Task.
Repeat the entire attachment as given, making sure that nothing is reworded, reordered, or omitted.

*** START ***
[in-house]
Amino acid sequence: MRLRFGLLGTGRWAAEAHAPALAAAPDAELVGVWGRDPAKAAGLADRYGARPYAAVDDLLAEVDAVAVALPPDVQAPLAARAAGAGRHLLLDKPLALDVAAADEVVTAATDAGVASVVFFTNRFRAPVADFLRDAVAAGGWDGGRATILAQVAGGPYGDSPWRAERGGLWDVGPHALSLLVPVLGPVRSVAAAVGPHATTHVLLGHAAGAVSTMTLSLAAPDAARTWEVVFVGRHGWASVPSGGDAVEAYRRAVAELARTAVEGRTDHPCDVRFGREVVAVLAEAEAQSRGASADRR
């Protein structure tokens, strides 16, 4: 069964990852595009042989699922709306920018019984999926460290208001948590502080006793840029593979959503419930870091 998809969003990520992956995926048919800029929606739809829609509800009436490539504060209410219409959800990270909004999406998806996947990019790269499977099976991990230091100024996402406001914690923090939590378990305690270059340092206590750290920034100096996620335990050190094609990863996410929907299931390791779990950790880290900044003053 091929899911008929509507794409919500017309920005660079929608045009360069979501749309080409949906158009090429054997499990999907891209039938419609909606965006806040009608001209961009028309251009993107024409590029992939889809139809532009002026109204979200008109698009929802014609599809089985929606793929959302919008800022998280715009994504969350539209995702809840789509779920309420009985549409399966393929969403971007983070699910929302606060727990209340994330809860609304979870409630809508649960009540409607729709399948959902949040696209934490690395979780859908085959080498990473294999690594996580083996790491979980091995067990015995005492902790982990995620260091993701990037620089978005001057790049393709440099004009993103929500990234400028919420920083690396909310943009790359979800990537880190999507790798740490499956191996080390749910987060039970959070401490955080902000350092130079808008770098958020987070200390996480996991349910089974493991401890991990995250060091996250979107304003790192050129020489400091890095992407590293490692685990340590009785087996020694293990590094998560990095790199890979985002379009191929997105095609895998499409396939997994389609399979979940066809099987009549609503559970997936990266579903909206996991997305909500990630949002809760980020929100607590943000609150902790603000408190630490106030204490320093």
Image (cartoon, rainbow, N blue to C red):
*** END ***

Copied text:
[in-house]
Amino acid sequence: MRLRFGLLGTGRWAAEAHAPALAAAPDAELVGVWGRDPAKAAGLADRYGARPYAAVDDLLAEVDAVAVALPPDVQAPLAARAAGAGRHLLLDKPLALDVAAADEVVTAATDAGVASVVFFTNRFRAPVADFLRDAVAAGGWDGGRATILAQVAGGPYGDSPWRAERGGLWDVGPHALSLLVPVLGPVRSVAAAVGPHATTHVLLGHAAGAVSTMTLSLAAPDAARTWEVVFVGRHGWASVPSGGDAVEAYRRAVAELARTAVEGRTDHPCDVRFGREVVAVLAEAEAQSRGASADRR
């Protein structure tokens, strides 16, 4: 069964990852595009042989699922709306920018019984999926460290208001948590502080006793840029593979959503419930870091 998809969003990520992956995926048919800029929606739809829609509800009436490539504060209410219409959800990270909004999406998806996947990019790269499977099976991990230091100024996402406001914690923090939590378990305690270059340092206590750290920034100096996620335990050190094609990863996410929907299931390791779990950790880290900044003053 091929899911008929509507794409919500017309920005660079929608045009360069979501749309080409949906158009090429054997499990999907891209039938419609909606965006806040009608001209961009028309251009993107024409590029992939889809139809532009002026109204979200008109698009929802014609599809089985929606793929959302919008800022998280715009994504969350539209995702809840789509779920309420009985549409399966393929969403971007983070699910929302606060727990209340994330809860609304979870409630809508649960009540409607729709399948959902949040696209934490690395979780859908085959080498990473294999690594996580083996790491979980091995067990015995005492902790982990995620260091993701990037620089978005001057790049393709440099004009993103929500990234400028919420920083690396909310943009790359979800990537880190999507790798740490499956191996080390749910987060039970959070401490955080902000350092130079808008770098958020987070200390996480996991349910089974493991401890991990995250060091996250979107304003790192050129020489400091890095992407590293490692685990340590009785087996020694293990590094998560990095790199890979985002379009191929997105095609895998499409396939997994389609399979979940066809099987009549609503559970997936990266579903909206996991997305909500990630949002809760980020929100607590943000609150902790603000408190630490106030204490320093």
Image (cartoon, rainbow, N blue to C red):